CEE real estate owners: join hands for legislative changes, or compete against each other?

Real estate owners in central and Eastern Europe are reluctant in joining hands to create national and regional associations, but they should do so in order to lobby and address issues concerning the industry, says John R. Fredericksen, president of the European Property Federation.

The European Property Federation, which brings together property owners from 15 countries, has chosen Romania as a base for expansion in the region. “We are in advanced stage of negotiations with the Polish Council of Shopping Centers and with a new organization for Czech real estate,” John R. Fredericksen tells Romania-Insider.com.

However, expansion in the region is not easy, as property owners tend not to gather in associations, let alone affiliate to an international one. This forces the EPF to try to create loose groups of companies. “That, in turn, creates the challenge of persuading property companies highly focused on their day-to-day business and competing against each other to pool resources and concentrate on their regulatory environment,” Fredericksen explains.

The Federation is already present in Romania – its regional base, led by the Romanian Association of Building Owners RABO, presided by biggest Romanian offices owners, Liviu Tudor – and in Bulgaria and Hungary. “For all three, the main issue is building a culture of respectful and regular dialogue between property interests and the local and national authorities. EPF has been useful in getting the EU to encourage the national authorities to address real estate issues such as planning law reform,” says the EPF president.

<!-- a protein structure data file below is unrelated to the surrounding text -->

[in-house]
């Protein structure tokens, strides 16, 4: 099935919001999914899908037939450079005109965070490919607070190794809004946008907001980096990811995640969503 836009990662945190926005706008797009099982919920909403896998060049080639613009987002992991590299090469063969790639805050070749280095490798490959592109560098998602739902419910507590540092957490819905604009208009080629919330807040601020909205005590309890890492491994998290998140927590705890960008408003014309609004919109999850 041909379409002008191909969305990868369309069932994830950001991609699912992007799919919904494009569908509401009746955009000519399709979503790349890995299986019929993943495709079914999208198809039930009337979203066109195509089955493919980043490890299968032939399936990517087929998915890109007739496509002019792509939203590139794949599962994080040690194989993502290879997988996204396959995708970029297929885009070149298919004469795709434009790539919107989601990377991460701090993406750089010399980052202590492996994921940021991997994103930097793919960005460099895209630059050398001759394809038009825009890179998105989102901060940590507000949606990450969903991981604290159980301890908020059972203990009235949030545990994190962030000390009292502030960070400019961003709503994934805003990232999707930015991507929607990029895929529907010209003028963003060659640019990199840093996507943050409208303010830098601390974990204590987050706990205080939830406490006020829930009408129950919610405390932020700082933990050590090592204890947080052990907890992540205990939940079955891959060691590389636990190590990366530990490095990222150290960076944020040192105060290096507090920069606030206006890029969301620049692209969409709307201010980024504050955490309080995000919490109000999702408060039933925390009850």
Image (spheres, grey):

He goes on: “If nobody joins a national real estate organization it is equivalent to just letting the authorities do whatever they want or whatever other organized groups like contractors or tenants might want.”

So much property-relevant power has shifted from the national level to the EU and once the EU law exists it can’t be changed at a national level, Fredericksen adds, explaining why national associations should join the EPF.

Established in 1997 and currently representing members with EUR 1.5 trillion worth of assets, the EPF brings together the Asociación de Inmobiliarias con Patrimonio en Alquiler, the British Property Federation, the Bulgarian Property Association, the Danish Property Federation, the Federation of Hungarian Real Estate Associations, the  Federazione Italiana dell’Industria Immobiliare, the Finnish Real Estate Federation, the Irish Association of Investment Managers, the Norwegian Property Federation, the Portuguese Council of Shopping Centres, the Real Estate Council of the Netherlands, the Romanian Association of Building Owners, the Scandinavian International Property Association, and the Swedish Property Federation.

In Romania, RABO includes several companies, many of which owned by Liviu Tudor: Genesis Development, Novo Park, West Gate Business District, West Facility Management Company, as well as CA Immo Romania and Iulius Group, all among some of the largest property owners in Romania.

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Corina Chirileasa, [email protected]